I live in a “one-anothering” town. I didn’t even know places like this existed until I moved here from southeast Michigan twenty-two years ago. I remember my first impressions, fresh out of high school.
“What is this place?”
It felt a bit Mayberry but I truly didn’t mind, even as a teenager. I welcomed the new start for a dozen different reasons. Lord knows I needed a clean slate.
Fast forward two decades and the community has only grown richer and brighter. I am certainly one of Siloam Springs biggest fans, and find any drawbacks significantly dwarfed by the benefits. It’s the quintessential sweet small town: the kind you return to after leaving, to start and raise a family; or the kind you call home, no matter where your feet lead you off to.
What makes it sweet?
The people do.
It’s the neighbors who leave goodies on your doorstep, and keep watch over your house while you’re out of town; who wave at you coming and going; who carpool and make possible the heavy traffic of life; who oversee kiddos in yards and send smiles when they see them. These are our neighbors. These are the people who know the schedules and rhythms of our daily lives. We share our waking ups and turning ins. We crossover each other’s lives and it’s a good thing, this one-anothering.
Thirteen years ago we purchased an old house with good bones on a main street. It was more than enough house for our growing family. We purchased the home at a steal of a deal, which was exactly what we needed at that time. She still needs a lot of TLC but it’s a process, as most things are. In the midst of that process we’ve labored through three childbirths in this home, with one child delivered on the living room floor. I have given much of myself to this house, and it’s given back to me a million memorable moments. The land has given me food and provisions of many sorts. It’s yielded to me a patch of Eden, in the heart of the town I am so fond of. I love my home, my space, and my neighbors. It has not been without issue, however.
Our little square of community is facing a big (unwanted) change. The lot and home north of us are requesting a rezoning, to accommodate multi-family housing. Nine units, to be specific. I can’t begin to tell you how grievous this is to our hearts, but here I go.
Firstly, the current and long-standing tenants have unquestionably challenged the grace and patience of all whom surround. It’s difficult to one-another when only considering oneself. Common good must be what we have in common. Unfortunately, this has not been the case here. I have secretly wished a dozen different scenarios and outcomes for that property, but none like what is being proposed. I project it will only add to the issues our neighborhood already battles: noise, heavy traffic, narrow roads, unkempt property, safety, and privacy. Inside each of these issues can be sited a handful of examples supporting such. Our little city block is not okay with the proposed change. We do not feel it benefits all, but rather one, and to the detriment of those who have established lives and family nearby. We do not live exclusive to each other. I’ve learned this lesson the hard way, mostly. I want to do better.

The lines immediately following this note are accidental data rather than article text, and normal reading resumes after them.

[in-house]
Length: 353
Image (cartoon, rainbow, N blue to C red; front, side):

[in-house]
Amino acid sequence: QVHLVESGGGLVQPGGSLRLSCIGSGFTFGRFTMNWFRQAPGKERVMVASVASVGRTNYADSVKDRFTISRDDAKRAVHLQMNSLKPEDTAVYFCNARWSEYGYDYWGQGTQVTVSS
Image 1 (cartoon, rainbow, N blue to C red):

As affected residents, we have been encouraged to voice our concerns, and have done so unapologetically. It’s been quite a rally already, with city meetings and neighborhood efforts. We are all each others’ keepers, even if we do it weakly. I hope to do a better job of this as I mature. I bet we all can grow in this: as a block, as a community, as a city, as a people. I don’t think I even realized how fiercely I felt for my neighborhood until it was put at risk of more struggle. We have purposed to tow the line and not back down, believing in the greater and common good of all.
If there is truly power in numbers, I think we are pretty mighty, and I’m proud to be a part of those who are standing for and with each other. It really has been a beautiful effort, and I suppose I am richer for the wear. No matter the outcome, I am confident of this: Siloam Springs has incredible human beings doing life within it, and I’m blessed to know so many.